The two pieces of software that we use to observe are MaxIm DL and the ACE controller. MaxIm DL is the software that controls the CCD camera and allows us to collect digital images and different calibration frames with our telescope. The ACE controller software is the system that controls the movement and tracking of the telescope and dome. Our first step in making sure the observatory was in working condition was to check to see if these programs are still functioning and communicating with their respective hardware. In addition, there are many components in the observatory that had to be checked such as the dome. In the dome, there is a box that opens and closes the dome slit and also rotates the dome.  We tested this box when we first got into the observatory and found that it was working properly. The dome slit can also be opened from the telescope control computer through the ACE software which allows the telescope and dome to communicate with each other.  It’s necessary that the dome knows where the telescope is pointing so it can follow while the telescope tracks an astronomical target.  

After checking the dome we checked to see if the telescope control system, camera, and filter wheel were all working properly. As stated previously, the telescope has not been used for a few years so we had to make sure everything was working as expected. During our time we found that one of the photometric filters that we use to take images had become damaged from humidity and age, therefore making it unusable.  We’ve ordered a replacement that will be shipped in August and will be in place shortly after. 

This is an image of the 16” reflecting telescope in its dome

In addition, we must create a proper focus and flat routine to get good quality scientific images. Proper focus is important because it helps to get a clear image when using the telescope for research. It is very challenging to get a perfect image given the humidity in our area and the light pollution coming from town. Finding a flat routine is also very challenging due to the time frame since flats are meant to be done during dusk (shortly after civil twilight when the sun is 6° below the horizon).  Flats are calibration frames that allow us to characterize the response of the pixel array in the camera. You have to take many of these frames in a short period of time in every filter that will be used for the night, so one of our goals includes designing a smart and efficient process for taking flat field images.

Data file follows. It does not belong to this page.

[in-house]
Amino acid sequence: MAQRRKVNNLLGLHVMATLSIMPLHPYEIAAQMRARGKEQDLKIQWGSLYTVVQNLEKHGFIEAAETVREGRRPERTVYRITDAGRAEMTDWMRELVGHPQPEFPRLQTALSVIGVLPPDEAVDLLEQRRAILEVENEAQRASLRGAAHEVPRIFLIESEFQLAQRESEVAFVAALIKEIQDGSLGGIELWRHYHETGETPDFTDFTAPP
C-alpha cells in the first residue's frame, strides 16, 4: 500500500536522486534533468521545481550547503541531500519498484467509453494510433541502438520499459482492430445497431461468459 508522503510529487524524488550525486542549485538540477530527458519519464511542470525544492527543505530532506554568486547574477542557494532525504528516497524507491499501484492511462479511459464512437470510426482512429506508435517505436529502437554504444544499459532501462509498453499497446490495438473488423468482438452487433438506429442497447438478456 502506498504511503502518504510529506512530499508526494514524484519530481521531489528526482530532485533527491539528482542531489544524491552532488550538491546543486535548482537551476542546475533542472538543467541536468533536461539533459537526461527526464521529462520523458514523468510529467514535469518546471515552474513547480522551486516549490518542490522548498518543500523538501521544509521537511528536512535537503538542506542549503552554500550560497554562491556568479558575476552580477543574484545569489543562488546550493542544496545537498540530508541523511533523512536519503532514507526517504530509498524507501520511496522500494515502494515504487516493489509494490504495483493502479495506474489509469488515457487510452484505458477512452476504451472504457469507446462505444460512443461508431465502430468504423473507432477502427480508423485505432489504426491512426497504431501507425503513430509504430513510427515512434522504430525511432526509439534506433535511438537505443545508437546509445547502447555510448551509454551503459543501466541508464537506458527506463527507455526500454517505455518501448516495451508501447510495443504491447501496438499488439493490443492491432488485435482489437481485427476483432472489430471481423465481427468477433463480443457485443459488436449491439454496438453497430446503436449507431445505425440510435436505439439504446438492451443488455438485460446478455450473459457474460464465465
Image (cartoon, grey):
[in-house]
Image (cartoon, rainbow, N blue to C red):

Since the observatory is only made up of sheet metal and plaster and doesn’t get much attention, we have spent much of our time cleaning it up.  We also spent some of our time updating the warm room (which is the main place we work) and taking down old corkboards and replacing them with whiteboards. There are also many creatures that find their way into the observatory so we worked with facilities to combat the flies, wasps, and mice within the observatory (this is common at observatories since they’re in remote locations).  With that overview, we’ll introduce ourselves and go into a bit more detail about our work.